The 4th ‘90’ – What is it?

Sunday, September 30th, 2018 in Blog

Our Project 100 Trainer and Coordinator James Morris reflects on what quality of life for people living with HIV after attending the International HIV/AIDS conference in Amsterdam

James Morris

As an HIV positive person, attending my first International HIV/AIDS conference, I was astounded by the number of workshops, sessions, stalls, people, stands, organisations… it was an overwhelming experience to begin with.
Part of me finding my feet was to look through the sessions and make decisions around where I attended. I saw a session that really piqued my interest:

‘In search of the fourth 90: Exploring and defining what quality of life means for communities and strategizing how we get there.’

This really resonated with me, for multiple reasons. Having been diagnosed, and now on medication and undetectable, I have been more aware of my wider wellbeing, and what quality of life means to me. With the work that I do as Project Coordinator of Project 100, the idea of quality of life and wellbeing feature heavily in the work we do as a Project. Both Mentors and Mentees have the opportunity and the skills to increase their wellbeing and focus more on their quality of life once the medical aspect of the virus is managed.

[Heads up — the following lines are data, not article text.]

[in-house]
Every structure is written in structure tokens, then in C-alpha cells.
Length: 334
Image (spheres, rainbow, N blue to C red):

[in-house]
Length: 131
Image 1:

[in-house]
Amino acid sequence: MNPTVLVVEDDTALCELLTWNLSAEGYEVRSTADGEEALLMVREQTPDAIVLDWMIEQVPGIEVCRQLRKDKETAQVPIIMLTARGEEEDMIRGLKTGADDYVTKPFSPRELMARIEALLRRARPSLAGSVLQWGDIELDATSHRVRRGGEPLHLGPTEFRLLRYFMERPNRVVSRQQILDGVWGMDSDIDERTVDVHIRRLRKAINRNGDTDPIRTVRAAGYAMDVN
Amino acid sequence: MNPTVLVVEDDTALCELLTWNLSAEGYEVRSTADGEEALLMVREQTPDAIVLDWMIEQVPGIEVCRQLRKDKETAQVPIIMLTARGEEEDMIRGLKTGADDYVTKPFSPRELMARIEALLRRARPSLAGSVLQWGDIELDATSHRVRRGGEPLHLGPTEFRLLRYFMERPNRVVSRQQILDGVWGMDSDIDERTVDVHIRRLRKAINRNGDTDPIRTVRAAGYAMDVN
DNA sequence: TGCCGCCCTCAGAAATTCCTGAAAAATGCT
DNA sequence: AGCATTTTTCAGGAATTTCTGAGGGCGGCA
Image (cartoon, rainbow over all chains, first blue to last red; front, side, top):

The session really explored in depth the concept of what the fourth 90 might be; there was great discussion around what this looked like for individuals, and how does this change with all of the variables present in our diverse lives; socio-economic circumstance, other health conditions, country of residence, ethnicity, social groups, family and lots and lots of other aspects that can and do vary person to person.

This really came to the forefront as we broke into working groups. The section that I worked on with others, was around what kind of aspects make up the fourth 90, what variables are there, and how can the fourth 90 be measured?
I had the privilege of supporting the group map this out, and we engaged in thought-provoking discussion. The real take-away for me was exploring how; how do we measure something as individualistic as quality of life? We discussed what made up quality of life, and then looked at the varying measurement tools available to us currently and how we might go about creating a new tool to achieve this outcome.

This session really began the discussion around our next step as HIV positive people. With the UK almost achieving the three ‘90’ targets: 90% of people living with HIV diagnosed; 90% of them on medication; 90% of them undetectable. This now paves the way for us to begin looking beyond diagnosis and medication, and to our future; collectively and individually. What is your quality of life? What tools, skills or resources do you have to strive towards a greater quality of life? For me, I will continue to strive for a better quality of life, for myself.

 

by James Morris, Project 100 Coordinator

@Jaroundtheworld